And as final word, YES, it is much simpler to just throw in a small generator, and it maybe even cheaper...

Wangito.

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Anonymous Poster
#22

Re: Producing a Generator With a Car Engine

03/04/2008 3:09 PM

Hey,

I'm an aerospace engineering student working on my senior design project. Our group is trying to design a vehicle that can fly as well as drive low-speed on the road (35km/hr). We'd like to use the aviation engine (200 hp diesel, lots of torque) as the powerplant on the road. What do we need (equipment or weight-wise) to convert that physical torque into power, then use it to drive the wheels with electric motors? I have no idea if this is possible / would be lighter than a transmission, but man those trans weigh a lot...

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#23
In reply to #22

Re: Producing a Generator With a Car Engine

03/06/2008 7:23 AM

Hi guest,

An interesting project but if you have any chance of changing what you are designing to something else then I would advise ditching your current design and starting over.

Over the past 75 years or so there have been numerous attempts to produce a motor vehicle that can also fly and the one thing they all have in common is their abysmal failure at being either.

The problems stem from the design parameters and there are way to many areas where the two concepts are incompatible. You would also find it impossible to get the dual certification required for aircraft and road vehicles simultaneously. If you read through the appropriate standards you will find there are so many examples of standards that preclude the other application that you would end up building two separate vehicles with no commonality other than the bits that clamped them together.

One problem area is the power plant. Aircraft engines are designed to operate at constant settings for lengthy periods of time and do not take kindly to the sort of continual throttle variations required for a road vehicle. When you go the other way the engines from vehicles are not designed to operate at constant speeds for lengthy periods and do not have the redundancy required for use in an aircraft. To start with the only mass produced car engine that had a dual ignition system was built by Nissan and was scrapped after less than a year due to the high cost of maintenance. Then you get to the propulsive force, an aircraft uses thrust while a vehicle uses friction of the wheels against the road.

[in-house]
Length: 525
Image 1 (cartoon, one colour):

You and up needing to double up things all the time and with an aircraft you can't afford to double things up as you seen end up with something that is way to dense to get off the ground.

The big problems comes from the way loads are applied to each. As you are no doubt aware aircraft are only subjected to distributed loads when flying which lends nicely towards the use of monocoque design concepts. On the other had a road vehicle is subjected to point loads where the wheels attach to the sub-frame or chassis.

If you have no option but to continue with the concept then I wish you luck, but be warned, many have tried before and so far nothing even close to being practical has ever come out of it.

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#24
In reply to #23

Re: Producing a Generator With a Car Engine

04/03/2008 3:29 PM

Well this thread sure veered from the original question, now its flying cars. I want one.

I ended up, in a round about way with what wanted. I have a hugh stepvan that came equipped with a high output alternator, a idle control and a dynamic inverter.....it happens to be a turbo diesel. So now I just start up the vehicle, push a button the engine revs up a bit and I have 4000 watts ac 110 on a 30 amp circuit. pretty cool and practical. I can run a chopsaw and a table saw at the same time. It may not be as efficient as some setups, but it sure does the trick. has any one answered the guys original post? doesnt he just need an alternator and an inverter something to control rpm in addition to all that will make whatever engine go?

Now my setup would have cost like 4 grand in parts.....thats what i paid for the van and it was a bonus that it came with this. I could buy a hell of a generator for that. I think the og guy was looking for on the cheap.

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Anonymous Poster
#25

Re: Producing a Generator With a Car Engine

02/02/2010 2:19 AM

A car engine will last forever as long as you keep the engine horsepower no more than half on it's rating. For example a 2.0L 4 cyl engine designed to produce 140Hp in a car should be run at no more than 70 hp or the best at 50 hp.

An engine derated to that level will last forever not as long as a diesel engine but much longer than 6000 hours quoted by someone. Do not forget if you run the engine continuously it's better than cold start many time everyday in a car application. Plus a diesel engine run infrequently will develop problems ask boat owners with diesel engine.

Stick with a car engine and derate the engine I'm sure you will be surprised.

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#26

Re: Producing a Generator With a Car Engine

04/15/2010 2:24 PM

what if i were to adapt an ac clutch pulley to the electric motor of a gas powered generator. idling at 700 rpm and even at cruising speed (70 mph at 2200 rpm) i should have no trouble generating enough dc power to power whatever i want and i could switch it off and on top of that i wouldn't have to rely on any inverters or extra batteries. is it possible?